‘She was adamant that ‘there is more in here’

Brain injury case managers Mark Holloway and Jo Pendlebury on their experiences with B.

For complex neurorehabilitation to work there are a number of ingredients that are required, an absence of any one of these is a factor that can slow or destroy progress or actively cause deterioration or even death. B’s presentation was not straightforward.

We were confronted with a man whose cognition we could not even assess owing to his lack of communication and movement, we had no consistent yes/no and his swallow was actively dangerous.

Such presentations are always more concerning, how do we know we are doing the right thing? How do we measure progress or quality of life?

The neurophysiotherapist was adamant that “there is more in here”.

Her role with B was very hands on, his dyspraxia and dystonia a really complicating factor, the more he actively thought about a movement, the less he was able to do it; she was convinced however that we could do more.

It became apparent upon first meeting with the residential home manager however that this was not a shared view.

Working with units, working inside other organisations, is always challenging, even in the best of circumstances; it was simply not possible to do in this instance.

Standing, speaking, removing a PEG tube and gaining a consistent yes/no after a period of eight years sounds like a miracle.

It is nothing of the sort. It is simply the application of sound and research informed principles of rehabilitation, knowledge of neural plasticity, the integration of a wide range of therapists towards a shared goal system and, most importantly, the development of the support work team.

This group of men and women, mostly with no brain injury experience, were chosen for their willingness to learn and their openness to being an active part of a multi-disciplinary team (MDT).

The training package that was created for them was bespoke, designed by the acting case manager, the therapy team and the family.

The support team learnt the necessity of acting in complete unison, of absolute consistency of approach, even down to the exact words used when asking B to engage with physical tasks such as dressing.

Maintaining this consistency takes some management but is greatly helped by the fact that the support workers are listened to fully by the MDT and they can see, week by week, the progress made by B.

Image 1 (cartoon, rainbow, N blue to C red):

They have a “Team B” mentality, evidenced by the fact that eight of them turned up to a barbecue on their day off to help B and his family celebrate his first anniversary in his new home.

The only member of staff who could not make it wrote a poem to be read out at the event.

The upshot is that B is far more active, is measurably happier and is engaged very positively with his family, his community and his support team.

He continues to make progress with his physical abilities, his communication is, after years, now functional, his posture has improved dramatically, he has a sense of agency and control.

These changes are iterative and show no signs of slowing yet.

Far from being more isolated in the community, B, like most people, was much more isolated in a residential setting.

Provided individuals can access the required support, I do not buy the “isolated in the community” argument and none of the positive changes achieved by B could have been achieved in the residential setting because consistency cannot be achieved there, it is the consistency that is essential.

However, none of this could have happened without a supportive family and legal team who could see the possible benefits and understand the clinical reasoning behind the approach taken.

They had the courage of our convictions and have proved able to translate sound clinical reasoning into the necessary “litigation-speak” to enable this plan to come to fruition.

I often wonder how many other severely brain injured people remain, unnecessarily, in residential settings with their potential untapped and their rights to participation withheld?

Sarah Griggs is a partner at Irwin Mitchell LLP and a trustee for Headway East London.
Dr Mark Holloway and Jo Pendlebury are brain injury case managers at Headfirst LLP.

This article was first published in APIL’s PI Focus on 6th February 2020.